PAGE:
CT scan for pleural mesothelioma
If pleural mesothelioma is suspected, you will usually have a CT scan. A CT (computerised tomography) scan uses x-ray beams and a computer to take detailed cross-sectional pictures of the inside of your body.
Before the scan
Most CT scans are done at a hospital or radiology clinic and you can usually go home as soon as the test is over. You may be asked not to eat or drink (fast) for several hours leading up to having the scan.
Immediately before the scan, you will be given an injection of a liquid dye into a vein. This dye is known as contrast, and it makes the pictures clearer. The contrast may make you feel flushed or hot all over and leave a bitter taste in your mouth, and you may feel sick or feel a sudden urge to pee. These feelings should pass quickly, but tell someone if you feel unwell.
Before having scans, tell the doctor if you have any allergies or have had a reaction to contrast during previous scans. You should also let them know if you have diabetes or kidney disease, are pregnant or breastfeeding.
During the scan
The CT scanner is a large, doughnut-shaped machine. You will need to lie still on a table while the scanner moves around you. Getting ready for the scan can take 10–30 minutes, but the scan itself takes only a few minutes and is painless. Lying flat and still can be uncomfortable, so speak to your doctor or radiologist about any discomfort.
What a CT scan shows
The CT scan shows the location and thickness of the tumour/s in the chest or abdomen. It may also show if the mesothelioma has spread to other organs. The information from the CT scan is used to work out the best way to get tissue for testing (called a biopsy).
Podcast: Tests and Cancer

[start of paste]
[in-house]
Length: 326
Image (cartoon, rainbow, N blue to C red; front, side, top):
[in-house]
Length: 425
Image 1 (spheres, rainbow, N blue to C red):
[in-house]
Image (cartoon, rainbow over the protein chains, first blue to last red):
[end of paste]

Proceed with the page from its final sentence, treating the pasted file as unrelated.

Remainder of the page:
Dr Anthony Linton, Medical Oncologist, Concord Cancer Centre and Concord Repatriation General Hospital, NSW; Dr Naveed Alam, Thoracic Surgeon, St Vincent’s Hospital Melbourne and Monash Medical Centre, VIC; Donatella Arnoldo, Consumer; Polly Baldwin, 13 11 20 Consultant, Cancer Council SA; Dr Melvin (Wee Loong) Chin, Medical Oncologist, Sir Charles Gairdner Hospital and National Centre for Asbestos Related Diseases, WA; Prof Kwun Fong, Thoracic and Sleep Physician and Director, UQ Thoracic Research Centre, The Prince Charles Hospital, and Professor of Medicine, The University of Queensland, QLD; Vicki Hamilton OAM, Consumer and CEO, Asbestos Council of Victoria/GARDS Inc., VIC; Dr Susan Harden, Radiation Oncologist, Peter MacCallum Cancer Centre, VIC; Penny Jacomos, Social Worker, Asbestos Diseases Society of South Australia, SA; Prof Brian Le, Director, Parkville Integrated Palliative Care Service, The Royal Melbourne Hospital and Peter MacCallum Cancer Centre, VIC; Lung Cancer Support Nurses, Lung Foundation Australia; Jocelyn McLean, Mesothelioma Support Coordinator, Asbestos Diseases Research Institute, NSW; Prof David Morris, Peritonectomy Surgeon, St George Hospital and UNSW, NSW; Joanne Oates, Registered Occupational Therapist, Expert Witness in Dust Diseases, and Director, Evaluate, NSW; Chris Sheppard and Adam Barlow, RMB Lawyers.
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